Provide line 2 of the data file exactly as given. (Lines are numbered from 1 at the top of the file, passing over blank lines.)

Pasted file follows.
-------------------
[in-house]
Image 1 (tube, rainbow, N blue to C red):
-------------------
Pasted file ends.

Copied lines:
Image 1 (tube, rainbow, N blue to C red):